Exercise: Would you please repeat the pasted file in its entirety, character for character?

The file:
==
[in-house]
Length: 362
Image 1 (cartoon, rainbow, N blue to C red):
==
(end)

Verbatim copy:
[in-house]
Length: 362
Image 1 (cartoon, rainbow, N blue to C red):